Hotel St George opened in central Helsinki on May 2, 2018, opposite the Old Church Park. The building dates from 1840 and was designed by famous Finnish architect Onni Tarjanne, who also designed the Finnish National Theatre in Helsinki. The building was originally used as a newspaper printing press but later became the headquarters for the Finnish Literature Society.
This literary background is key to the hotel’s inspiration. Each of the 153 rooms, plus its lobby area, restaurants and fitness and wellbeing centre have been individually crafted by various Finnish creatives with a Finnish-inspired design. The Finlandia Suite, for example, pays homage to Finland’s recent centenary celebration.
Other major features include the Wintergarden, a glass-roofed courtyard connecting two wings of the hotel, reflecting interior gardens of the 18th century. There is, of course, a Finnish sauna in the spa area – both a traditional sauna and a steam room – plus a cold plunge pool for a luxurious version of the Finnish practice of ice bathing. The hotel even holds the first and only monocle shop in the Nordic countries.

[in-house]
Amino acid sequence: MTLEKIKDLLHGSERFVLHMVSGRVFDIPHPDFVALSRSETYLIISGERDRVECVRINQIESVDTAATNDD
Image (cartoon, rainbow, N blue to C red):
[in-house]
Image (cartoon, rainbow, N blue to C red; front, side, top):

On top of all these finite details, what particularly sets Hotel St George apart from other luxury hotels in the city is that the building is practically an art gallery as well as a hotel. Over 300 pieces of art by both Finnish and international artists are on display throughout the building, some of them a loan from the Finnish National Gallery. The piece-de-resistance of the collection is a dragon sculpture by Chinese artist Ai Weiwei, which stands in the hotel’s entrance gallery for non-residents to see, making it the only work by Weiwei to be on public display. Other notable works include a sculpture by Finnish artist Pekka Jylhä and wallpaper designed by Klaus Haapaniemi.
The hotel rooms will most likely be filling up quickly, with prices starting at around €260 per night, with the prices increasing during peak tourist season. But even if you aren’t able to book a room, it’s still worth a visit to the hotel’s public areas to take in the artwork, eat at the restaurants and feel like you have stepped back in time and became a part of Finnish high society.